Monday, April 28, 2014

Grab Them Before They go - Green Garlic

(In this series we feature a seasonal produce or fruit our family is enjoying thoroughly these days. Infact it's so good that we think it deserves you opening another tab of your browser right now and finding out your nearest farmer's market to visit! 

We at G&G believe in simple & quick recipes with local and seasonal produce and fruits; not only you will be enjoying fresh bounties of the nature without the preservatives and 100s of food miles, you will also be helping the local farmer's ecosystem and sustainable growing)

Have you ever cooked with green garlic before? It looks just like a slightly bigger scallion or green onion. Sniff at it and you will identify the distinct young garlic smell. It looks so much like a spring onion that unless youare looking for it, you may have seen it in your local farmer's market but walked right past it thinking it's a green onion (I know I have early on)!

I have rarely seen green garlic in supermarkets or grocery stores but they are in local farmer's markets in California (and likely elsewhere) around this time. Just like fresh snow peas, green garlic are young immature garlic picked right when they are young. You can eat the bulb and the leaves all.

Afterall spring is the season of new beginnings, a young start, life sprouting everywhere after months of cold harsh winter and that feeling is reverberated everywhere in the spring vegetables as well.

Green garlic will give a delicate slightly sweet garlicky flavor to your spring dishes. It gives a very unique and distinct flavor not replicated by adding garlic cloves - you really have to try it to believe!

Prepping green garlic is same as spring onions or green onions. You wash them, pat dry. Trim off the ends and slice the whites and greens very thin. Then you can add whites wherever you want slightly more garlicky woodish flavor and keep the greens for more vibrant garlicky fresh flavor.

Green garlic can be cooked so many ways; practically any recipe where you would use garlic clove, you can use green garlic - my rule of thumb is one green garlic for two cloves to impart similar garlicky flavor.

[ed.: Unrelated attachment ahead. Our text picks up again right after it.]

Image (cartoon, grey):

Some of my favorite ways to use green garlic are:

1) Green garlic daal - daal is a traditional Indian lentil preparation made at our home almost once every week. You can use any lentils in your pantry. My favorite way to prepare daal with lots of garlic and lots of tomatoes. 

In green garlic season, I like to make a green garlic moong daal. Saute 4-5 strands of green garlic (whites and greens) in few Tbsp hot oil tempered with mustard seeds and asafoetida powder. Then add turmeric powder, moong daal, water and salt and cook covered until daal is cooked through - about 40mins or so. Add more or less water for desired consistency. I like this version on the dry side but you can make watery as well. To serve, garnish with splash of good quality olive oil and crushed chili flakes - eat with roti or a good bread.

2) Springtime pasta - green garlic goes great in pasta dishes. One of our favorite is pasta primvera. Saute green garlic and pinch of crushed red chili flakes in olive oil. Add spring vegetables such as asparagus, celery, snow peas, early tomatoes, early zucchini and saute. Add pasta of your choice and handful of parmesan cheese. Season with salt & pepper.

3) as a pizza topping - you may think unusual at first - but give it a go, some green garlic, asparagus, and figs so yummy!

4) Add to any soups. Add white part while cooking and sprinkle green part after cooking for some fresh garlic taste.

Next time you wander in local markets, keep an eye out for these delicious greens near the green onion piles. Add to pasta, soup, pizza or daal - wherever you use garlic cloves, try substituting with green garlic for a distinct mild garlicky taste which only a spring shoot can provide! They are available only for a few weeks in spring, so definitely grab them before they go!
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This page and all of its contents is copyright of Prajakta Gudadhe. All rights reserved.

This is a web catalog of the recipes that I have tried and tasted in my kitchen. While these recipes and instructions have worked well for me, please use all the information and the recipes from Ginger and Garlic at your own risk.